The material which is used for the very thin rubber pouch preferably has the following properties: low stress so that a 100% extension is under 5 kg per square centimeter, and 0.2 mm -0.8 mm thickness to avoid rupture during use. However, there are no other limitations to the material, so long as the material is made of a material which does not permit the solution of an adhesive agent, such as an aqueous solution of latex or a solution of an adhesive agent which contains rubber, to diffuse through the pouch.

Next, a surface of the tube 1 is smeared with the powder of inorganic lubricant 3 when the tube 1 is not inflated. This tube 1 is inserted into the covering layer 2, and, a neck portion of the covering layer 2 is cut out to expose the valve 1a of the tube 1 from a surface of the covering layer 2. Subsequently, air is filled in the tube 1 through the valve opening 1b, and the tube 1 is inflated until the covering layer 2 is sufficiently inflated.

In this case, because of the existence of the inorganic lubricant 3 between the tube 1 and the covering layer 2, adhesion between the tube 1 and the covering layer 2 is prevented, and a sliding motion is caused between the tube 1 and the covering layer 2. Therefore, both the tube 1 and the covering layer 2 may inflate uniformly without any sticking.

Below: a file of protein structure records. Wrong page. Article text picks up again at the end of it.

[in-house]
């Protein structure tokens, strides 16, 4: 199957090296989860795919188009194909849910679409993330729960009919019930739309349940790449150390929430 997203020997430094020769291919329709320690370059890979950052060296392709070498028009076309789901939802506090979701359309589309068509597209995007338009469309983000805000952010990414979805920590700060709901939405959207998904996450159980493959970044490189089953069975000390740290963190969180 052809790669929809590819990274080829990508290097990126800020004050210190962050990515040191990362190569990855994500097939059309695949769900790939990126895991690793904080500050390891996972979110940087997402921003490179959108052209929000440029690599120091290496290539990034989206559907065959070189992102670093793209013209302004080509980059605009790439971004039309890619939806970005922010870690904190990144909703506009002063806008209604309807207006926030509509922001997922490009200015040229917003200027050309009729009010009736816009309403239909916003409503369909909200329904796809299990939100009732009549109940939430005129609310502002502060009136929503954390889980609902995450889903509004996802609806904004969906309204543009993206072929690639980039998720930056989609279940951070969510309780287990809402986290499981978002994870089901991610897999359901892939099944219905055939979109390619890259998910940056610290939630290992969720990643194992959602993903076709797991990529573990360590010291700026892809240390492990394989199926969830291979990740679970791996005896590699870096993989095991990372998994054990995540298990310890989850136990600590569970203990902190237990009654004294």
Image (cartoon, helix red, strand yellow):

Furthermore, the material having high expansivity, and low stress arising during extension, is employed as the material of the covering layer 2. Therefore, pressure from the covering layer 2 on the tube 1 is low when the covering layer 2 is sufficiently inflated. The tube 1 is thus protected by the covering layer 2.

Subsequently, a trapezoid shaped cotton cloth piece 4 is impregnated with an aqueous solution of latex which contains a vulcanizing agent, and the cloth piece 4 is attached on the surface of the covering layer 2. Natural or artificial latex also may be used as this latex, although the natural latex is superior in adhesion and elasticity. This latex solution is infiltrated into the interfiber spaces of the cloth piece 4, and produces caking on the cloth piece 4 as a reinforced layer 5 after drying and vulcanization as will be described later.

These cloth pieces 4 are strip shaped and are slightly longer in size than a strip formed by equatorial division of the covering layer 2 along the circumference of the covering layer 2 into eighteen parts, and are attached closely on the surface of the covering layer 2, by overlapping adjacent edges relative to each other.

Thus, the rubber material which composes the rubber pouch of the covering layer 2 does not permit an aqueous solution of latex to diffuse through the covering layer 2. Therefore, the solution of the adhesive agent does not enter into the space between the tube 1 and the covering layer 2, and adhesion between the tube 1 and the covering layer 2 is prevented.